But this is the sort of morning that I think of when I think of my best days at home with the kids. And I just wanted to share it. And record it, so I can remember. Thanks be to God that there are days like this sometimes.

Peace of Christ to you,
Jessica Snell

Sunday, October 26, 2008

pruning

I listened to Haydn on the way home from a friend's house on Saturday night. I got to thinking about how I don't know much about music, but I always like Haydn when I hear him. It's not uncommon that when, in flipping past the classical station, I hear something I like well enough not to flip back to NPR or other music, I hear at the end of the selection that it's something Haydn composed.

I thought about how that phrase sounds in my head, "I don't know much about music." It's true, and it especially felt true coming home from my friend's house, a friend who does know a lot about music and, in fact, composes it. But it's not true in other ways: I know how to read a melody line well enough to play it decently on the recorder or to help me follow along with a new piece of music at church. I had various music lessons when I was young, and I'm grateful for them. I'm glad I know how to play at least one instrument, even if it is the humble recorder, because there's nothing like making music when that's what your heart really wants to do. It's not often for me, but when it is, I'm glad I'm able to.

It's good, I think, to be reasonably conversant with a variety of skills. To become competent at various things, especially when you're young. Good to be good enough at music, at sports, at reading, at writing, at cooking, at languages, at building, at camping. It's good to have a base in all of those areas, so that if you ever need to build on one of them as an adult, it's there. You'll have a bit of experience. You'll know where to start.

But that view of education means you will have many skills that you aren't particularly good at, as I'm not particularly good at music. This can be disturbing, because you are sometimes tempted to be upset about all the things you can do, but you can't do well. I'm still a bit tempted to that despondency, but not so much anymore. I've learned that it's a trap.

Why? Well, take my drive home on Saturday night, listening to Haydn. It made me wish I knew how to play the piano. I've often wished that, but I've never, as Elizabeth Bennett said, "taken the trouble to practice." Why? Because I don't want to enough. And this - here's the key - is a good thing.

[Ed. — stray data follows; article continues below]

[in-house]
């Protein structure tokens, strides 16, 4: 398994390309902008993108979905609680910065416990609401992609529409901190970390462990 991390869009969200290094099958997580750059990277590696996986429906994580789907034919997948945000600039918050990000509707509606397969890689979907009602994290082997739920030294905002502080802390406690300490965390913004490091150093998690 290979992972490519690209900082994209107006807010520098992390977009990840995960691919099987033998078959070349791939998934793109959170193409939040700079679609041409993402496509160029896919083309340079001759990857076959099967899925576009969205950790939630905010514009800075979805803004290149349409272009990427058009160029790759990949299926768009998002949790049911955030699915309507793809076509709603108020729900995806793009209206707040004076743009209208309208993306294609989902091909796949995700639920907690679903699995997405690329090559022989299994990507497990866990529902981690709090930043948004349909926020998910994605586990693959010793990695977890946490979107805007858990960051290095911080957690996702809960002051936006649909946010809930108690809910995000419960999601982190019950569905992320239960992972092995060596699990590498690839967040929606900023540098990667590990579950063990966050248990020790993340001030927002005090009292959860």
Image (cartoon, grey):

Why? It is a good thing because the reason I don't want to practice the piano enough to actually do it is because there are other things I want to do more.

I've learned that I'm finite. To chose one thing means to not choose every other thing in the universe. Most of our choosing is easy, because most of our hours are spent on necessities: on caring for our families, on housework, on taking care of bodily functions (including the necessity of sleep), on paying the bills. Then there is our tithe and our gift of prayer. Then our relationships (love God, and love your neighbor). And then, what is left over we are (sometimes) allowed to with as we will.

And when I have that choice to make, piano is not what I want most. And if it never is what I want most, I never will learn to play it.

Instead, I write stories. Through that childhood full of learning to play instruments, to build, to camp, to speak, to read, to write, to play, to cook, to work (and how do we not realize as children how free our hours are?), it was always the writing that was where I found my fullest joy. So now that I am an adult, and cannot fit everything into my life - now that I have to choose - that is what I choose.


I think there will be seasons when this is not true. I think there are times (when the babies wake up three or four times a night, rather than just one) when I can't make the choice to write; I'm too tired to access whatever part of myself it is that the stories come from. There will be times, I think, when I might have the time to choose more than one thing (words and music!) But whatever season it is, it is a relief to know that I don't have to do everything.